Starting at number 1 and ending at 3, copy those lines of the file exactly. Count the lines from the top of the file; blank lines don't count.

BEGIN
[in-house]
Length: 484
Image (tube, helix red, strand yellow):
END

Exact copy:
[in-house]
Length: 484
Image (tube, helix red, strand yellow):